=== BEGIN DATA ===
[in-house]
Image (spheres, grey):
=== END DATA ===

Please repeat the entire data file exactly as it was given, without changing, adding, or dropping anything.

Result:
[in-house]
Image (spheres, grey):